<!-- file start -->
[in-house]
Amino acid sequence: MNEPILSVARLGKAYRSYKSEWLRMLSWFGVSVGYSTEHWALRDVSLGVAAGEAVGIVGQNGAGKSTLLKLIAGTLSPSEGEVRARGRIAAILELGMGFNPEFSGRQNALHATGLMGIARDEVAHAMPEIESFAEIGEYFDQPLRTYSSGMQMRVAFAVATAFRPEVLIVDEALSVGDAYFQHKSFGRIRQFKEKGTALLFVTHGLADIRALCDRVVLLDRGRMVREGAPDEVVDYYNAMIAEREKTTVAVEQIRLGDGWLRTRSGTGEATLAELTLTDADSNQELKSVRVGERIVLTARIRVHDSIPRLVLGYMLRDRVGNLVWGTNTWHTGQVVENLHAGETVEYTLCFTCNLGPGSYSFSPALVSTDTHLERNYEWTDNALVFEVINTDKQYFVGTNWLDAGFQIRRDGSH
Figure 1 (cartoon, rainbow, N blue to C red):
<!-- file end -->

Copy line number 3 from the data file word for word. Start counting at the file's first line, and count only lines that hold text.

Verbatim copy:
Figure 1 (cartoon, rainbow, N blue to C red):